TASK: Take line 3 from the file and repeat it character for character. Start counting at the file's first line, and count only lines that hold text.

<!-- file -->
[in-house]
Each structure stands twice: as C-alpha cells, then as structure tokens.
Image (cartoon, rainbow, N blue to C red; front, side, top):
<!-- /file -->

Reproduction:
Image (cartoon, rainbow, N blue to C red; front, side, top):